The market continues to reward investors in gold bullion as prices top $1,500 an ounce, and analysts believe there will be no significant or sustained drop from this level for some time. Gold companies, however, are not performing as well and it is attributed to the growing costs in mining and investors’ unwillingness to accept a lower return when bullion continues to climb. Analysts believe this has more to do with market sentiment rather than the potential for returns, and that options like shareholder dividends in gold companies will attract investors looking to diversify. For more on this continue reading the following article from Money Morning.
Gold prices passed the $1,500 per ounce mark for the first time ever in mid-April and, aside from a couple of short pullbacks in early May, have set up shop in the neighborhood of $1,525 to $1,550 an ounce (gold closed at $1,553.40 on Wednesday).
So far in 2011, it’s been relatively status quo for those investors who’ve embraced gold as a way to protect themselves from currency debasement, excessive money printing and inflation as prices have increased 7.67%. Bank of America-Merrill Lynch (NYSE: BAC) analysts are forecasting gold prices could fall to $1,400 an ounce during seasonal weakness in July before rebounding as high as $1,650 an ounce by early fall.
While the party continues for gold bullion prices, stocks of gold companies have been a no-show. The NYSE Arca Gold Bugs Index (HUI) has fallen more than 13% year-to-date and the Philadelphia Gold & Silver Index (XAU) has toppled more than 16%. Companies such as High River Gold Mines Ltd., Jaguar Mining Inc. (NYSE: JAG) and NovaGold Resources Inc. (AMEX: NG) are off more than 45% from 2007-2008 highs.
This underperformance has been exacerbated in recent weeks making it a hot topic of discussion among investors, analysts and portfolio managers.
An Analyst’s View of Gold Prices
I recently had lunch with CIBC (NYSE: CM) analyst Barry Cooper, gold-company wizard and one of the industry’s best. He sees this recent phenomenon as "a market-sentiment-driven event that will pass as fundamental financial drivers kick in to support share prices and drive them higher."
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However, the trend could continue as long as the cost of mining operations continues to inflate. Cooper modeled a case study that showed equities can produce an inferior return relative to bullion when the price of an ounce and the cost to produce it rise in tandem despite the opportunity for companies to use higher gold prices to expand production or increase reserves.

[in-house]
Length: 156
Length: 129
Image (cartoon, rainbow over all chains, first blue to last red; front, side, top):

According to Cooper, "the average global cost per ton has been rising at a rate that is slower than the gold prices increase; however, it has also been accompanied by a declining grade profile for most operations." The average grade of a gold deposit has declined 21% since 2005, but higher bullion prices have made it economically viable for gold companies to pursue higher cost projects and keep lower-cost, high-grade operations off line in case gold prices pull back.
Further, Cooper says this means that "the market seems to have penalized companies for the rising costs associated with lengthening the life of a mine operation … the market does not seem to be paying for the optionality offered by increasing reserves when they come with increased costs."
The strongest periods of underperformance seem to correspond with times when cost inflation was high. Cooper concluded that "investors seeking gold exposure also want safety in terms of cost containment, and when part of the reason for buying stocks falters, the choice is abandoned for alternative investments."
The financials for the majority of gold companies have been improving for years. According to Cooper, many gold companies "have been generating positive [cash flow] and growing earnings on a per-share basis." Although it hasn’t showed up in share price performance, senior gold miners have seen the strongest gains with average per share earnings increasing roughly 67% since 2009.
Corporate cash flows for gold producing companies have also increased significantly. The average senior gold miner now has more than twice the amount of cash flow; mid-sized intermediate gold companies’ cash flow has more than tripled.
This year’s carnage has created a substantial opportunity to buy healthy, gold mining companies at historically low prices compared to gold bullion. Cooper says that "the net result is that gold companies can now be purchased for about their intrinsic value for the spot price of bullion."
Gold-Mining Dividends – Getting "Paid to Wait"
One way gold companies can lure investors is by sharing their profits through dividends. This would provide a cash incentive to hold shares of the company and allow investors to participate in rising earnings. We like the idea of investors getting "paid to wait" or reinvesting those dividends and purchasing additional shares at potentially lower prices.
Newmont Mining Corp. (NYSE: NEM), a company whose share price is about 15% off of its highs, recently initiated a dividend program and has a current yield of 1.55%. Companies such as Compania de Minas Buenaventura SA (NYSE ADR: BVN) (1.82%), Yamana Gold Inc. (NYSE: AUY) (1.59%), Gold Fields Ltd. (NYSE ADR: GFI) (1.39%) and Barrick Gold Corp. (NYSE: ABX) (1.11%) also offer attractive yields.
The ongoing debt crisis in Greece should remind everyone that global markets are still recovering from 2008’s trauma. The system is not nearly as strained as it was then but we are by no means out of the woods in terms of global economic stability. This should continue to provide a catalyst for strong gold prices.
This article was republished with permission from Money Morning.